WDNP went on the air on July 13, 2015. It broadcasts from its studios at 123 W. Third St., Suite 201 in the old J.C. Penney building in downtown Dover. Its founders were Dan Slentz and Jody Brogan.

The station's signal can be picked up in the immediate vicinity of Dover and New Philadelphia. It also streams online and has listeners from all over the world ‒ mainly Tuscarawas County transplants.

More:WDNP 102.3 receives recognition for pandemic work

The station's staff and board members have been doing what they can to stay on the air, Shumaker said.

"We have been quietly working away, working with some local folks who are known people, trying to get them to send in letters of support because we are in what's called a time of public comment for the FCC," Shumaker said. "They're going to look at public comments and say, well, maybe we won't do this. Now, is the FCC going to look at this and go, yeah, maybe we'll turn down $300,000? It was going to take a Hail Mary pass here."

WDNP-FM radio buttons displayed on the reception desk.
WDNP-FM radio buttons displayed on the reception desk.

Listeners sharing comments with the FCC

Board President Tod Carper has attended council meetings in New Philadelphia and Dover in the past couple of weeks to alert them to the situation.

New Philadelphia City Council on Monday passed a resolution in support of the station, saying that putting the frequency up for auction "would lead to the destruction of a valuable nonprofit asset in our community that has been a tremendous advocate in advancing important nonprofit causes."

The station is also encouraging its listeners to contact the FCC.

"Our listeners are stepping up and they're writing letters of support," Shumaker said. "If they can't figure out how to get them in to the FCC, they send us all their information and their letter, and we put it in and tag it, because that's allowed."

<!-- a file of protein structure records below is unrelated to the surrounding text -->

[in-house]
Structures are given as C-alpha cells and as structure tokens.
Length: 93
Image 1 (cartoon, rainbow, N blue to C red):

About 30 area residents have already submitted comments to the FCC.

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One came from Lisa Stilgenbauer, local director of Soccer4All, a league for children with a physical or mental disability.

"WDNP has been instrumental in the success of our program, supporting us and helping get the word out," she wrote.

She concluded, "For WDNP, a nonprofit station, to lose out of their frequency via auction would be a tremendous loss to the community and I urge you to reject the proposed open bidding on the 102.3 FM frequency in Tuscarawas County."

Another resident, Dawn Brogan, wrote, "Even though there is no huge revenue from this station, the benefits it provides to our community are priceless. This will be a huge loss to our community if this radio station ceases to exist because the frequency was sold to a for-profit company who does not have the same mission for community support that DNP does."

Matt Ritzert, in his comment, raised the possibility that the frequency could be sold to a large national chain with little interest in the Dover/New Philadelphia area or Tuscarawas County.

"We don't need another jukebox," he wrote. "We need a radio station committed to serving our community which is exactly what we have with DNP LPFM."

How to show your support for WDNP

Listeners can go to WDNP's Facebook page to learn more.

"There will be an old-style MTV picture there that says, 'I want my DNP.' In that is a link that will take you directly to the FCC page that you need to submit to," Shumaker said.

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People who want to show their support have to first write a letter, then fill out a form on the FCC website and attach their letter to it.

The deadline to submit a comment is Dec. 8.

Shumaker noted that the Western Media Group is represented by an attorney who has a great deal of experience in working with the FCC.

"This all might be whistling in the wind, but we're going to try it anyway," Shumaker said.

This article originally appeared on The Times-Reporter: Radio station WDNP in Dover and WNPA in Canton could go off the air